‘The frightened individual seeks for somebody or something to tie his self to; he cannot bear to be his own individual self any longer, and he tries frantically to get rid of it and to feel security again by the elimination of this burden: the self.’

To Fromm, people use coping mechanisms to minimise the effects of the paradoxical nature of positive and negative freedom. The most important one to note is that of the ‘Authoritarian Personality’. Fromm notes these people connect with the world through a type of sadomasochism. Authoritarian people wish to control people and impose their order onto the world, yet they want to submit to the control of some superior force, with Hitler being an example of an extreme authoritarian man to Fromm. He wrote in 1957 that:

‘Hitler insisted that one can and should dominate man but never nature. In him, we find this characteristic mixture of sadistic and masochistic tendencies of an authoritarian personality: the nature is the great power which we have to submit to, but the living being is there to be dominated by us.’

In this state people are no longer free. They have retreated back to a set of social conditions that can tell them how they are supposed to live, what to think and who the enemy is, subsequently allowing them to spend their days limiting the freedom of others and creating chains for people. You see this person wherever power structures lie; there is always someone willing to submit their freedoms, only so that they can chain someone else down.

We see this in the rise of authoritarian and neo-fascist ‘Alt-Right’ political movements. The storming of the Capitol building in America on January 6th shows that the petit bourgeoise – members of the conservative, lower middle class society – will happily sacrifice their freedoms to Donald Trump in so much as they are able to oppress others, be that the left wing or black and ethnic minority groups. Fromm wrote of this sadomasochistic type of person that:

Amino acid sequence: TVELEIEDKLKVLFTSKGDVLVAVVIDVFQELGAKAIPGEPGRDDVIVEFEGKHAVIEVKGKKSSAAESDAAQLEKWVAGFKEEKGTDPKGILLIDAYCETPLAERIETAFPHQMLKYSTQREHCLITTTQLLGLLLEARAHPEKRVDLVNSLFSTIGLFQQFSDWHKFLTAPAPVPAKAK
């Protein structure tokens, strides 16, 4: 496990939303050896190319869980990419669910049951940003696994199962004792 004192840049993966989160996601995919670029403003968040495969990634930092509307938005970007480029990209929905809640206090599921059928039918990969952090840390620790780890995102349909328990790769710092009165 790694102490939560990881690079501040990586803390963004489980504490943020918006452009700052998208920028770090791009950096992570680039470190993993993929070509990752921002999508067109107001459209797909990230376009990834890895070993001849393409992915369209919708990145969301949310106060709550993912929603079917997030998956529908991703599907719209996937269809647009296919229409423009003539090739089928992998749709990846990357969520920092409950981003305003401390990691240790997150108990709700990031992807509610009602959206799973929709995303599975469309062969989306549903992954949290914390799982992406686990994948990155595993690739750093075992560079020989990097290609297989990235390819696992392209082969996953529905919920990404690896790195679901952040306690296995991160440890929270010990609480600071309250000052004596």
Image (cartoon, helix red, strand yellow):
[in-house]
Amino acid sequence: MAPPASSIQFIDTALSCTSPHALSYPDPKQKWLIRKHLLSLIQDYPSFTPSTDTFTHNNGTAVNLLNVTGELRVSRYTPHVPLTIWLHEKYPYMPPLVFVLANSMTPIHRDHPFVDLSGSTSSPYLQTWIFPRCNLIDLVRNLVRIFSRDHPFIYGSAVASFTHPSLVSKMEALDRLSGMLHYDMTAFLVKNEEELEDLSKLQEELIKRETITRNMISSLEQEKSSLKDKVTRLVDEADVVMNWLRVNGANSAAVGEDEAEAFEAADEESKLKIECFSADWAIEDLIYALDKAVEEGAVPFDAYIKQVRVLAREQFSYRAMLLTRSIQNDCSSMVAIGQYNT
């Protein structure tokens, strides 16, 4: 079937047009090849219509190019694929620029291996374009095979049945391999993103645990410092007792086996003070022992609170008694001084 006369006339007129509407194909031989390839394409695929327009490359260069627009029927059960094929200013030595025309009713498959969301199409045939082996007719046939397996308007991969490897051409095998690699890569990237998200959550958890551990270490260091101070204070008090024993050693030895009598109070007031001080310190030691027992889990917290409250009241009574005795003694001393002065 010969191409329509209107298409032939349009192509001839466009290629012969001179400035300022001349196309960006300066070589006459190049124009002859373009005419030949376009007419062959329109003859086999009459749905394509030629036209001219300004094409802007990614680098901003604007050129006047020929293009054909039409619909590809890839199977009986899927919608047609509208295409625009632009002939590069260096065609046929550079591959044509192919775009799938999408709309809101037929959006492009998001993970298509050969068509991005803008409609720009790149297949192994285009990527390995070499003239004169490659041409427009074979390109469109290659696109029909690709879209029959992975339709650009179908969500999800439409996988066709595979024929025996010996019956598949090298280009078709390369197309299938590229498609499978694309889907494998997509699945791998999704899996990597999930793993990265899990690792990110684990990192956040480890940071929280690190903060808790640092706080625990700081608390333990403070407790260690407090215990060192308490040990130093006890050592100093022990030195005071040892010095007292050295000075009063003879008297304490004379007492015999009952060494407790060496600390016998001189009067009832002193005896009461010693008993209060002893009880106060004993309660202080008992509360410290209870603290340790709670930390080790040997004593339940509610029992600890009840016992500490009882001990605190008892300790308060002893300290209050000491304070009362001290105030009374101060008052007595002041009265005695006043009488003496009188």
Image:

‘This masochistic individual looking for dependency is in his depth frightened -often only subconsciously — a feeling of inferiority, powerlessness, aloneness. Because of this, he is looking for the “leader,” the great power, to feel safe and protected through participation and to overcome his own inferiority. Subconsciously, he feels his own powerlessness and needs the leader to control this feeling. This masochistic and submissive individual, who fears freedom and escapes into idolatry, is the person on which the authoritarian systems — Nazism and Stalinism — rest.’

The neo-fascism that has surfaced comes with a memory of its predecessor. Photographs of a rioter wearing a jumper with ‘Camp Auschwitz’ emblazoned onto it stood in the same crowd as a man flying a ‘Kekistan’ flag shows that ‘new’ movements adopt the old. Indulging in a nostalgia that is almost theatrical. What was repressed now returns in the shadow of itself.

The new ‘Alt-Right’ admired Donald Trump because he gave them protection through participation. Remember Trump telling Proud Boys to ‘stand down and stand by’? And now, with the removal of Trump from power, they are looking for a new leader.